How could it be that applicants who objectively did worse on an exam could become a doctor over those who had done better? Doesn’t society want the absolute best doctors in the country to perform life-saving procedures and surgeries? Apparently not. The medical care that you receive is becoming increasingly dependent on correcting perceived historical wrongs than rewarding genuine ability and intellectual merit. I could not understand that as a lowly undergrad student. It should not surprise you that nearly all of my black peers became doctors, but based on what I knew of their abilities from studying with them, they were not the most qualified above other applicants who were discouraged due to the higher standard they were being judged on.
While a requirement for intelligence has not been completely thrown out the door, politics was already an entrenched factor for medical school admissions upon my graduating year of 2001. Consider the fact that women are so “encouraged” to become doctors that they now outnumber men, only later to leave the profession in droves because they changed their mind or desired lighter hours. What a societal waste to train women for medicine when so many of them rightfully decide it’s more joyful to raise children.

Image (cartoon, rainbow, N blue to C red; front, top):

I've had very bad experiences with psychiatrists and past psychologists, but I now see a psychologist who does a pretty good job. She really believes in a whole body approach and recognizes that treating anxiety means treating issues with your gut and digestive system. I've actually gained a significant amount of knowledge about nutritional psychology from her. I would say she's been more helpful for my overall health than my useless GP.The greatest scam here is psychiatry and psychology which are complete and absolute frauds.
Psychiatric drugs can lower testosterone levels while psychotherapy can fill you with moronic ideas like the psychotherapist advising you to connect more with a "diverse" crowd of people and to develop "empathy", which means to become a dickless fag that has elevated levels of oxytocin which lowers testosterone levels.
I've had very bad experiences with psychiatrists and past psychologists, but I now see a psychologist who does a pretty good job. She really believes in a whole body approach and recognizes that treating anxiety means treating issues with your gut and digestive system. I've actually gained a significant amount of knowledge about nutritional psychology from her. I would say she's been more helpful for my overall health than my useless GP.